Tehran, Beijing Sign Oil, Gas MoU

Tehran, Beijing Sign Oil, Gas MoU
Tehran, Beijing Sign Oil, Gas MoU

Iran and China have signed a memorandum of understanding on Sunday on long-term cooperation in the oil and gas sector.

The agreement was signed by Amirhossein Zamaninia, deputy oil minister for international and commercial affairs, and Zhang Yuqing, deputy director of China's National Energy Administration, which is a regulatory body for energy and industry sectors.

According to Zamaninia, the agreement calls for increasing the extraction of oil and condensates by Chinese operators. It was scheduled to be signed during Chinese President Xi Jinping's visit to Tehran in January, but was put on hold because the two sides failed to finalize the agreement on time.

Zamaninia noted that Iran supplied 11% of China's total crude imports in 2011, before the US and the EU slammed tougher sanctions against the Persian Gulf state, and the volume of oil exports will hopefully rise following the long-term agreements.

China, the world's second-largest oil consumer, has been one of the most important customers of Iranian crude before and during the sanctions. Alongside India, Japan, South Korea, Turkey and Taiwan, China imported Iranian crude when sanctions were in place.

Its imports averaged 540,000 barrels of oil per day from Iran last year, while imports in April stood at 2.91 million tons, or 707,400 barrels per day, up 10.8% from March and the highest since last May.

  Plan for Partnership

"Iran is open to partner with reliable Chinese companies under a competitive atmosphere to develop its crude oil and natural gas fields," Zamaninia said on the sidelines of the meeting.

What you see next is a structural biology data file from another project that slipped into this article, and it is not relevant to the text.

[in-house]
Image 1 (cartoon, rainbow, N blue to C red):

"China is a strategic partner for Iran and we look forward to expanding ties with the country," he added, underscoring the two nations' friendly relations over the years.

Zhang also said Chinese refineries purchase nearly half of Iran's total crude exports, adding that Chinese firms provide oil equipment at a reasonable price and quality.

Zamaninia added that China always stood by Iran in negotiations with six world powers on its nuclear program and said Tehran-Beijing ties are in their "best form".

"China has contributed to the development of Iran's oil industry … We hope bilateral cooperation expands exponentially in the oil, gas, refining and petrochemical sectors."

The Chinese are eager to continue operations in Iran's hydrocarbon fields. Sanctions largely cut off Iran's relations with world and forced many international contractors off Iran's energy projects.

The void allowed Chinese contractors to play a bigger role in Iran's oil and gas projects. However, oil and gas cooperation with China proved to be a bumpy ride as Chinese contractors sporadically defaulted on delivering on their contractual commitments during sanctions.